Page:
Whether these people are unwitting is not salient at all, some are perfectly aware that they're playing a Very Dangerous Game with their money and are accomplices to what could for many be nothing short of Russian Roulette, a grand Lottery.

It would be like a gardener selling not only the fruit, but the leaves, stems, stones, roots, all parts of the plant, no matter how nonsensical.

He would find a use for them, yes - turn those stones into bread.

But eventually all you're left with? Stones. And no-one to buy them, either. Hope you like selling gravel...

(I'm reminded of the concept of 'value-adding' things. It is a valid idea up to a certain point. For instance, unchecked by higher reason it might devolve into charging x hundreds of dollars more just because of a name change. The attitude coupled with it would be of disdain for the customer and a belief of being independent of him.)

But I digress in this already long comment. We must add something of value to the world, and without (as the American Thinker guy is thinking) the Telos, all is meaningless.

I mused today about health insurance, and how what is health worth if one does not do some good under the sun? I would rather change the lives of those most needing it and live short than live until 120 consuming and gazing into a mirror.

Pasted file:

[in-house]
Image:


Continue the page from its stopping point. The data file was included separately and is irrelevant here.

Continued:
It seems like these days we have almost too much security; in the days of Gods and Kings men were more disposable; not to say that it is a good thing, but rather, the culture of insurance breeds men of safety, just as men who seek safety create insurance. The only escape is up, seems like.

But will men go up? Or will they shout at the rocks until they believe they are bread? Even as the manna collects at their feet and proceeds to rot?

It crossed my mind that the last 'kings' were the Founding Fathers, men who may have been of average intellect, or strength, or courage, but yet were capable of much more. Some of it is the culture of safety.

The culture of safety of course immediately gave birth, in human fashion, to the anti-saftiests, not people who dislike busybodies mind you, but the other 'side' of the busybody. For as the coward is also a bully, the busybody is also a slacker. These are the anarchists, of course, who worship license over all things, and believe themselves to be the solution for the 'repressive' rules of society. You know, these fellows sprang right out of the loins of the Boheme...

And they of course worship the many, the plurality, the diversity, as though it is the infinite, as though countability can be made into uncountability. Or, stones into bread.

Did I say that enough times? I doubt it.

River Cocytus said...

PS- just to rehash- Stones into bread!

Your regularly scheduled commenting follows.

River Cocytus said...

By the way, I looked at the top 100 Sci Fi short stories, and the names have a kind of beauty to them. Read here and see if you agree. I wonder why that is?